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Finance officer Peter Voser takes command at Royal Dutch Shell

Times Online
The Times
October 30, 2008

Royal Dutch Shell, the world’s second-largest oil company, named Peter Voser, its chief financial officer, as its new chief executive yesterday.

Swiss-born Mr Voser, 50, will replace Jeroen van der Veer on July 1 next year.

The Anglo-Dutch group said that the appointment of Mr Voser came after a review of both internal and external candidates. He saw off two other Shell candidates: Linda Cook, the American head of Shell’s Gas and Power business, and Malcolm Brinded, the British head of exploration and production.

As chief executive of an oil company that is second only to US giant Exxon Mobil in size, the rewards will be handsome.

Mr Voser, who joined the company in 1982 but from 2002 spent two years away as chief financial officer of ABB, the Swiss engineering group, can expect his total pay roughly to double from £1.6million last year.

Jorma Ollila, Shell’s chairman, said: “Peter has the experience, qualities and personal leadership to drive Shell forward, building on the strong position established by Jeroen van der Veer.”

Shell is expected to unveil third-quarter profits today of $7.2billion (£4.4billion), boosted by sky high oil prices that touched $147 per barrel in July. However, Mr Voser may struggle to match this performance.

The company has maintained its traditional strength in its downstream refining and marketing business but has continued to struggled in exploration and production.

Not only has it failed to make as many big new discoveries as rivals such as BP, the group has a big exposure to Nigeria, where production has been blighted by a simmering civil conflict.

It was also among the first big investors in the costly and environmentally controversial Canadian tar sands business – an industry that is struggling after the price of oil more than halved from its peak to below $70 a barrel yesterday.

Barack Obama has suggested that, if he is elected, his administration may ban the use of oil from tar sands.

At a time when big Western oil companies are finding it harder and harder to gain access to new reserves, Shell’s next big push is likely to be in Iraq, another country where the rewards could be big but which is likely to prove difficult.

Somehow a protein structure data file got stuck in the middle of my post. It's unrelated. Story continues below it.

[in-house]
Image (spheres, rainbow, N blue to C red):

As well as booking new reserves and keeping costs under control, Mr Voser will also need to contend with increasingly tough environmental legislation that is likely to alter fundamentally the economics of the oil industry in the years ahead.

Mr Voser is highly regarded by colleagues at Shell. “He is a very safe pair of hands, a great strategic thinker,” said one, who added that he was unlikely to break with Shell’s traditionally consensual leadership style. “He leads through other people.”

While Ms Cook and Mr Brinded will clearly be disappointed to have been overlooked, they can at least look forward to golden handcuffs designed to persuade them to stay on. This year the oil giant offered shares equivalent to their annual salary to

Mr Voser, Mr Brinded and Ms Cook “to enhance retention ahead of the forthcoming board successions”.

Mr Van der Veer, a Dutchman, began his career at Shell in 1971 and has been chief executive since 2005.

The appointment of Mr Voser as his replacement may well settle a succession issue at Shell’s great British rival, BP.

Ironically, one of the external candidates tipped for the Shell job was Paul Skinner, the chairman of Rio Tinto. Mr Skinner is also a former Shell man but is now widely tipped to replace Peter Sutherland as chairman of BP.

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